Hanging Out with Francis Schaeffer on a Friday Night in College

Was Francis Schaeffer significant?  Was he significant for you?  He was for me.  I’ve got a piece up at the Gospel Coalition entitled “Everything But the Knickers: The Enduring Influence of Francis Schaeffer” that offers a brief apologetic for his importance.  Here’s a snatch from it:

In a news cycle driven by the latest quotes from Rick Perry, Barack Obama, and Mitt Romney, you would not expect to see Francis Schaeffer popping up on the daily ticker. The American expatriate, wearer-of-knickers, connoisseur of Swiss cosmopolitanism, and, above all, philosophically minded Calvinist public intellectual once made national headlines, to be sure. But suddenly he has returned, posthumously torturing the public square with supposed plans of a Christian political takeover, a master-strategy foiled in his day yet rising again in the phoenix of Michelle Bachmann’s presidential campaign.

In the piece, I engage with the idea, recently suggested by Alan Jacobs, that Schaeffer was not important to evangelicalism beyond promoting a basic interest in ideas and art.  I seek to show that Schaeffer in fact had a wide-ranging impact on our movement.  You can surf over there and puzzle through whether you accept my case.

I’ll leave my thoughts on that page, but I will add an anecdote I didn’t include in the TGC piece.  When I was at Bowdoin College, Schaeffer was a big deal to my friends and me.  When many of our classmates were cutting loose on weekends (and others were in the library!), several of us gathered to watch How Should We Then Live?, the 1977 Gospel Films production by Schaeffer and his son Franky.  The ten-part series electrified us.  We studied at a college that did not offer many classes in the grand style of Schaeffer, the traditional Western approach to history that reads it as a great sweeping gust of ideas and epochal events.  The material was inspired by Kenneth Clark’s ultra-popular Civilization series, a project that won massive popular acclaim but turned off some academicians who sniff at overarching historical narratives.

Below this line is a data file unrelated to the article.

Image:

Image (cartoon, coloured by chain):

Anyway, I am grateful to God that I was not partying, losing myself in the temporal pleasures associated with the hedonic exercise that is modern collegia.  In God’s good grace, my buddies and I were instead clustered around a tv on many Friday nights, watching an eccentric old man in odd if stylish clothing walk us through western ideas from a robustly theocentric perspective at warp-speed.  I count this as one of the moments in my life that God awakened me to the power and importance of ideas, and I am sure many others out there have had similar experiences.

I do not suggest in the TGC piece that Schaeffer was a perfect man.  It is clear from material covering his life that he was not.  He seems to have been extremely busy, which left him with little time for his children, perhaps Franky, his boy, most significantly.  I’ve read up on Franky’s childhood, and though I’m not always clear about what exactly happened in the Schaeffer home, it does seem true that Francis was in some times and places too busy for his son.  I wonder if Schaeffer’s life suffered from some aspects of “celebrity Christianity” that some talk about today–too much travel, too little time with one’s wife and kids, not enough engagement with a local church and body of elders.

Even with the flaws of Schaeffer laid bare, though, I contend that he was an important man, a hero of the faith.  My friends and I studied at a very challenging secular school, and we found guidance and answers in Schaeffer.  He did not let us down.  His literature is very much worth engaging today; he deserves, I think, to be remembered well in evangelical circles, to be studied and appreciated.  All of us are sinners; not many of us will affect so many so powerfully as Schaeffer.

Were you influenced by Schaeffer?  If so, I’d honestly love to hear how.  Leave a comment if you like.

(Image: Randy Alcorn)


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